Andrey Bely's apartment is located in a former apartment building that belonged to a noblewoman named M. I. Khromova. In 1876, the mansion that stood on this site was completely rebuilt according to the project of the architect Mitrofan Arsenyev, after which there were retail premises on the first floor, and the second and third occupied apartments for rent. After the renovation was completed, Khromova sold the house to N. I. Rakhmanov, a private associate Professor at the Moscow Imperial University. Apartments in the building were rented out to University employees: Ivan Yanzhul, a statistician, lived here, and Mikhail Solovyov, the brother of the philosopher Vladimir Solovyov and the father of the poet Sergei Solovyov, with whom Andrey Bely became friends, rented housing on the floor below.
Andrey Bely's apartment consisted of an entrance hall, a kitchen, and five living rooms. The front rooms faced Money lane, and the living room had a view of old Moscow. Sitting on the balcony in the living room, the writer created the work "Symphony (2nd, dramatic)", which brought him fame. From the living room, you could get to a small nursery, the parents ' bedroom, and the father's office, which later became the office of Andrey Bely.
In the 1930s, the building housed communal apartments, and since 1970, the building has been placed at the disposal of the Ministry of foreign Affairs. In the 1980s, the former apartment of the Bugaev family became part of the state Museum of Alexander Pushkin, whose memorial apartment is located in the next building.
For the first seven years since its opening, the Museum functioned as an exhibition space, while employees of the institution were engaged in collecting the memorial collection. The official opening of the Museum took place in September 2000.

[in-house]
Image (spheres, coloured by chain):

The Museum's funds were formed largely due to gifts. Most of the collection is made up of materials by Tatyana Norina. before her death, Andrey Bely's second wife gave Her the family's property: memorial furniture, personal belongings of the writer, letters, photographs, and other materials. The Museum's collections contain the archives of Bely's first wife, ASI Turgeneva, and His literary Secretary, P. N. Zaitsev. The Museum received a large archive from the literary Secretary of the writer Pyotr Zaitsev, who had worked for Bely since 1932. Zaitsev's collection included autographed books by the writer, as well as an original poem by Osip Mandelstam, written on the day of Andrey Bely's funeral.
Politician Fyodor Golovin donated to the Museum an album of drawings that depict Andrey Bely in a satirical manner. In several of the drawings, the writer is sitting at a table with a member of the cadet party, Dmitry Shakhovsky, while in others he is debating.
Valentina Rykova gave the archive of the writer's first wife to the Museum. It contained documents about Andrey Bely's friends and colleagues — the poets Sergei Spassky and Vladimir Piast, as well as the sculptor Sonya Kaplun. In addition, the Museum acquired part of the archive of A. Polyakova, the daughter of a scientist who studied the writer's brain after his death. At the opening ceremony of the Museum in 2000, the Ministry of foreign Affairs of Russia announced the donation of a photograph of Andrey Bely and a copy of the permission to enter Russia from Switzerland, issued in 1916 to Boris Bugaev for military service.